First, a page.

Tips for Useful Bible Reading
Reading the Bible for All Its Worth
I write these tips not for the scholar, but for the guy or gal who is not sure where to start, or is wondering if they’re “doing it right.”
If at all possible, read from a physical Bible that you take with you to church and other Bible-necessary occasions. I say this because screens remove some of the tactile feel and the “geographic” nature of reading. By “geographic” I mean, in my Bible I know that Romans 6 is on the right-hand page, on the left-hand column. There’s something helpful about that. Bible apps and iPads have their place, no doubt. But we comprehend more from the tactile experience of a bound book and paper.
If you have time to read only one thing, read the Bible, and stop reading this article, or anything else I’ve written. Goodbye.
You have time for both today? Ok, cool.
Go easy on yourself, and on the Bible. I say this because the Bible was written by certain people on certain occasions that really existed and really happened over a really long period of time. Thus there will be cultural gaps between the original occasion, audience, writer and you. Don’t expect that everything written on the plains of Palestine 6,000 years ago will be easy reading for modern Americans made semi-illiterate by Google. Keep going; you’ll understand, on the by-and-by. The labor to bridge that gap will be worth it.
If you find yourself hungry to learn more about a certain book, feel free to stop your Bible reading program, and dive into that book. Then, when you’ve satiated that hunger, or you’ve discovered more time in your day, come back to the Bible reading program on whatever day you return. For that jazzed-about book - for me, as I write this, it’s Isaiah - you might invest in a good “commentary.” A “commentary” points out important information as you read and enables you to mine the riches in that jazzed-about book. Tyndale produces good ones. So does Crossway. Ask your pastor or elder.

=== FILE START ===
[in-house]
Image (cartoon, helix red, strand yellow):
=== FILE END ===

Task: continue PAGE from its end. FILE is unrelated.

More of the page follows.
Write something down about what you’ve read. Preferably prayer. When we really pray, according to the priorities that God wants us to pray, it’s because that praying “feathered out” from the Word. When we pray according to what’s important to God, praying becomes rich with the fruit of His excellencies, and it’s sweet. Really sweet.
It’s also interesting to look at your notes later, perhaps on the same day next year, and see how much you’ve learned and grown, and you didn’t even know it. You’ll look back at last year’s notes and say, “Wow, I wrote that? That was good!” And you’ll say, “Huh, I wrote that? God is growing me.” Either way you’ll say, “Praise the Lord.” Cheap grocery store composition notebooks are great for this. Go chronological, so you can look it up by date, or buy one notebook for each book of the Bible.
Most importantly, as you read, remember that the Bible is written with the BIG POINT in the middle - Jesus and his cross. As you read, keep one eye on that center point, thinking about how what you read today anticipates or flows out of that center point. Thus Paul could say to the Corinthians, with his Old Testament scriptures firmly under his arm (emphasis mine):
1 Corinthians 15:3–8 (ESV): 3 For I delivered to you as of first importance what I also received: that Christ died for our sins in accordance with the Scriptures, 4 that he was buried, that he was raised on the third day in accordance with the Scriptures, 5 and that he appeared to Cephas, then to the twelve. 6 Then he appeared to more than five hundred brothers at one time, most of whom are still alive, though some have fallen asleep. 7 Then he appeared to James, then to all the apostles. 8 Last of all, as to one untimely born, he appeared also to me.